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Parlez-vous Francais?

The Holy Food Trinity: Bread, Cheese, Chocolate

sunny 20 °F
View Around the World in 62 Days on rubywheels's travel map.

I'm a bit overdue for this blog update! So far Paris has been great... I've gotten over my snobbery of "Italy is better than anywhere in Europe" and managed to keep an open mind throughout my first week here in a very beautiful city. I have to admit, the primary thing that has pushed me to this acceptance is my love of what I refer to in my Subheading as 'The Holy Food Trinity': Bread, Cheese, Chocolate. I actually spoke to my loaf of bread from my favorite Boulangerie - conveniently located downstairs from my serviced apartment - on my way home from work today. That's right, I said to it "I love you bread, thank you for being so warm and crispy on the outside! I can't wait to eat you with cheese when I get home!". I found myself actually saying this out loud (rather than using my inside voice) which speaks to two things:

1. I really do love the bread here and
2. The multiple time zones, planes, etc., have finally pushed me over the "crazy" edge

Fortunately Paris is a big enough city that no one noticed me talking to myself... and really it was more of a whisper.

Now, I know that no one reading this blog is going to feel sorry for me for what I'm about to say but... well.... Paris is really cold. It's about 20-30 degrees F each day (including a very hefty wind chill) and I am walking to/from the train for work just like I did in the "old days" in Chicago. Apparently the little time that it has been since last fall has pampered me to a degree that I can barely handle the bitter cold. I'm blaming this on my lack of appropriate attire (someone send me my Uggs and some sweaters please!!) and the fact that my body doesn't even know what day it is anymore.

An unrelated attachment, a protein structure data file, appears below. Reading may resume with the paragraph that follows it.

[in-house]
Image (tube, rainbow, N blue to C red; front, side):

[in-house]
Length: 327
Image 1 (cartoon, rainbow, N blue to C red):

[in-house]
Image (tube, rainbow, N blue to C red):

I have a couple of stories to share about my week:

1. My first true experience with the Heading of this blog was the sad reality that I DON'T speak French and apparently not all transitions are, well, anything other than literal translations. Example: I went into the Pharmacy the other day to pick up some contact solution because I ran out and forgot to bring this from home. Seemed simple enough. The store was the size of a large office and there were a couple of others there at the same time, including two pharmacists. I thought to myself (inside voice this time) "I can find this - I don't need help - I'm a World Traveler for crying out loud!" (or something to this effect...). So, I walked around, searching, until to my excitement I found a box marked 'Contact Solution'! How easy was that?! So, I reach forward, past the older women looking at the shelf to my right, and nearly pick up the solution.... until... I really looked at the shelf. The contact solution was located near the global Trojan brand, which to my embarrassment made me realize that this was not the kind of contact solution I was looking for. Unfortunately, my excitement at finding this had drawn some unwanted attention and I had to sheepishly work my way to a pharmacist that spoke English... no worries, I ended up with the global brand I was looking for, which was Bausch & Lomb.